The new series “Nurses” is set in Toronto, in a Dec. 31, 2019 story. (Photo by THE CANADIAN PRESS)

New Toronto-set series ‘Nurses’ to debut with fictional van attack storyline

TORONTO — The first episode of new Toronto-set drama series “Nurses” may look chillingly familiar.

As a group of five young nurses start their first day at the fictional St. Mary’s hospital, news breaks of a nearby terrorist attack in which a white van crashed into pedestrians on the sidewalk.

Later, one of the nurses realizes a van-attack patient is the suspected perpetrator who says misogynistic, white-nationalist viewpoints while being treated, highlighting the ethical struggles frontline health workers can face on the job.

Series creator Adam Pettle says the episode is loosely inspired by the April 2018 van attack that killed 10 and injured 16 in Toronto, and inspired by similar incidents in other cities around the world.

But he put a fictional spin on it and avoided showing the actual attack onscreen so he wouldn’t trigger viewers.

Pettle says the premiere, airing Jan. 6 on Global, is meant to portray an event that brings the new nursing team and the community together, and showcase the heroism of frontline health workers.

“I wouldn’t want anyone to feel like we were exploiting it or using it, so I did try to use it as the … incident of the episode but not focus on the horror if it,” Pettle said in a recent phone interview.

Pettle said he was also inspired by an article written by a Jewish nurse who treated the wounds of the gunman in a shooting at the Tree of Life Synagogue in Pittsburgh in October 2018.

“It’s just a beautiful piece of writing about having to care for him, and how that’s not a professional’s job to be judge and jury, about how difficult it is and how complicated it is.”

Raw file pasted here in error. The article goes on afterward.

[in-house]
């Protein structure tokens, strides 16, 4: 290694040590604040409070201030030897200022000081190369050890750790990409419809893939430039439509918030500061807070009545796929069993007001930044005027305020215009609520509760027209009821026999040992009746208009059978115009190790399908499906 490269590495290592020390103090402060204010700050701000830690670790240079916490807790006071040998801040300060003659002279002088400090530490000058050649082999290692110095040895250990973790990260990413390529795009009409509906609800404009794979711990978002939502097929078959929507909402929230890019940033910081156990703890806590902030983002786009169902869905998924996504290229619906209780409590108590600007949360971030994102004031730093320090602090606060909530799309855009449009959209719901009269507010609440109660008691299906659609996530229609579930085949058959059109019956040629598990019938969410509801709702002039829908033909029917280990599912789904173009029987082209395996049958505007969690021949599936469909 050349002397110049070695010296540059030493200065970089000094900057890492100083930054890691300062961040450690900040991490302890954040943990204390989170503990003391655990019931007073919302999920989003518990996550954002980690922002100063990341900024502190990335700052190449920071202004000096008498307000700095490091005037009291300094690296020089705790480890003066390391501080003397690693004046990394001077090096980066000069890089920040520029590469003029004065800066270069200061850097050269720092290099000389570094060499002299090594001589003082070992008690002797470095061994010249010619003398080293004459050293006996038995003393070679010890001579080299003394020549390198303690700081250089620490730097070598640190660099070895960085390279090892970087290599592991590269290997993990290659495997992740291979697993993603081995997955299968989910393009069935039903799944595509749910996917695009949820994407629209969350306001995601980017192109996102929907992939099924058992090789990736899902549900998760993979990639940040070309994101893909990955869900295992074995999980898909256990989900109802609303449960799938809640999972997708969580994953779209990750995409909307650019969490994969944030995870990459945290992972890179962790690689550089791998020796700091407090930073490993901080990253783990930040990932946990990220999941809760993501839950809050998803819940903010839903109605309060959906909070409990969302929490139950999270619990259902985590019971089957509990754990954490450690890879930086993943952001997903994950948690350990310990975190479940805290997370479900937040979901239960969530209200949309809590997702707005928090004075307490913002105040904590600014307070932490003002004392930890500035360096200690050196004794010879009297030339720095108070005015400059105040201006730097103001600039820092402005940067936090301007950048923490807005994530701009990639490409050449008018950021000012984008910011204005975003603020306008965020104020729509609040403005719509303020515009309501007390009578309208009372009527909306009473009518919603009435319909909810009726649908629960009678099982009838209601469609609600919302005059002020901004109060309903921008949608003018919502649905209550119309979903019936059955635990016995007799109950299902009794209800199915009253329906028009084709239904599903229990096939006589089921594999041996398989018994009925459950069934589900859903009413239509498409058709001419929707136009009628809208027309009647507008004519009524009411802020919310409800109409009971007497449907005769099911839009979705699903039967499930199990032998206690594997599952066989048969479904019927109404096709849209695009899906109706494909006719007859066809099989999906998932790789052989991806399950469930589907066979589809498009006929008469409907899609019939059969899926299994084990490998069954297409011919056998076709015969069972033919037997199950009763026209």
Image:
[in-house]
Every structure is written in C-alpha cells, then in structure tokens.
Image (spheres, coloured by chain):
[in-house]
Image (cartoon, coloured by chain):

Vancouver actress Tiera Skovbye, who stars as nurse Grace Knight, says the episode brought back memories of calling her best friend who lived in Toronto at the time of the attack to make sure she was OK.

“To get that in the very first script was a lot to take on,” Skovbye said.

“But it just goes to show that as a nurse you never really know what you’re going to get any given day, and that no matter what, the care of the patients come first and you have to put all other aspects of it aside.”

Pettle has long been immersed in hospital settings.

The Toronto-based writer/executive producer’s dad is an obstetrician and his stepmother is a nurse, and he has fond memories of hanging out at the hospital nurses’ station as a child.

At age 21, the theatre graduate underwent surgery and treatment for thyroid cancer, which spurred him to write about such subject matter in his first play.

Pettle has since explored the medical world in several projects, including the Canadian show “Saving Hope,” on which he was an executive producer.

On the ninth episode of “Nurses,” a patient undergoes one of the treatments Pettle went through 25 years ago.

Pettle hopes the series will bring a new element to the medical drama genre through the lens of nurses “who are usually relegated to background performers in hospital shows,” he said.

“With the focus being on nurses, it’s less about medicine and the high-stakes surgeries of it,” said Pettle, “and it’s more about the psychology and spirituality and families, and the stories are more domestic than they are medical.”

“Nurses” has already been renewed for a second season.

Pettle shot the show in Mississauga, Ont., and Hamilton, and consulted with health-care professionals to add authenticity and accuracy to the script. He also had nurse consultants on set to help the actors.

The other core group of young nurses are played by Canadian actors Natasha Calis, Jordan Johnson-Hinds, Sandy Sidhu, and Donald MacLean Jr.

With its blend of serious and sudsy stories, “Nurses” will no doubt draw comparisons to the long-running American hospital drama “Grey’s Anatomy.”

Like “Grey’s,” “Nurses” also has a local watering hole where the characters go to unwind after their shifts.

But “Nurses” has a different tone and younger characters than “Grey’s,” said Skovbye, who’s happy with the comparisons.